Entry Requirements (not applicable to Visiting Students)
||Other requirements|| None
Course Delivery Information
|Academic year 2022/23, Not available to visiting students (SS1)
|Learning and Teaching activities (Further Info)
Seminar/Tutorial Hours 20,
Programme Level Learning and Teaching Hours 4,
Directed Learning and Independent Learning Hours
|Assessment (Further Info)
|Additional Information (Assessment)
||-Class participation: 10%«br /»
-Drafting a simulated amicus curiae intervention to the CJEU in case revealed ahead of the deadline (group work, maximum length of 3500 words including footnotes but to be adapted to group size): 50%
-Simulated hearing: individual presentations responding to questions from the Court and rebutting contradictory arguments communicated in advance (individual work): 40%. This will take place in class in front of other students. The marking criteria (substance and arguments, structure, slides, delivery, responsiveness to questions,etc.) will be made available ahead of the assessment and discussed in class
NB: The required elements of structure and style of the amicus curiae intervention and the individual hearing will be reviewed in class and students will have enough time to meet with their group during the preparation phase.
||¿ ¿Muddiest point¿ technique at the end of each seminar (where students identify a challenging issue/concept covered during the class), followed by feedback and engagement with students on their pending questions at the beginning of the subsequent seminar
¿ Students will have an opportunity to hand in and receive feedback on the table of contents and abstract (max 500. words) of an amicus curiae brief prepared collectively with their group on a moot case communicated around week 4 of the course.
|No Exam Information
On completion of this course, the student will be able to:
- Have acquired an understanding of the various concepts relevant to legal mobilisation (framing, cause lawyering, social change, public interest lawyering, social movements, legal and rights consciousness¿).
- Understand and have acquired knowledge of the history, the evolution, the main instruments and arenas of the mobilisation of European law;
- Be able to critically read, analyse and question materials in European law through the legal mobilisation lens, and relate them with current ¿law and society¿ scholarly discussions and theoretical debates;
- Be able to present a coherent and elaborate argument both orally and in writing;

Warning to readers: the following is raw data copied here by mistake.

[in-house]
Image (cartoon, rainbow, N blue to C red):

- Have gained transversal critical analytical and thinking skills as well as key communication skills
|¿ Alter, K. J., and Meunier-Aitsahalia, S. "Judicial politics in the European Community: European integration and the pathbreaking Cassis de Dijon decision." Comparative Political Studies 26.4 (1994): 535-561.|
¿ Alter, K. J., and Vargas, J. "Explaining variation in the use of European litigation strategies: European Community law and British gender equality policy." Comparative Political Studies 33.4 (2000): 452-482.
¿ Bell, D., 1976. Serving two masters: integration ideals and client interests in school desegregation litigation. Yale Law Journal, 85, pp.470¿516.
¿ Benford R. D. and Snow D. A., 'Framing Processes and Social Movements: An Overview and Assessment' (2000) 26 Annual Review of Sociology 611.
¿ Buchanan, R. & Trubek, L. G., 1992. Resistances and possibilities: a critical and practical look at public interest lawyering. New York University Review of Law & Social Change, 19(4), p.719.
¿ Burstein P, 'Legal Mobilization as a Social Movement Tactic: The Struggle for Equal Employment Opportunity' (1991) 96 American Journal of Sociology 1201.
¿ Cichowski, R. The European court and civil society: litigation, mobilization and governance. Cambridge University Press, 2007.
¿ Cichowski R, 'Civil Society and the European Court of Human Rights' in Christoffersen J and Madsen MR (eds), The European Court of Human Rights between Law and Politics (Oxford University Press 2011).
¿ Conant, L. et al., 2018. Mobilizing European law. Journal of European Public Policy, 25(9), pp.1376-1389.
¿ Cummings S, 'Privatizing Public Interest Law' (2012) 25 Georgetown Journal of Legal Ethics.
¿ Cummings S, 'Law and Social Movements: an Interdisciplinary Analysis' in Roggeband C and Klandermans B (eds), Handbook of social movements across disciplines (Springer International Publishing 2017).
¿ Dezalay, Yves, and Bryant G. Garth, eds. Global prescriptions: the production, exportation, and importation of a new legal orthodoxy. University of Michigan Press, 2002.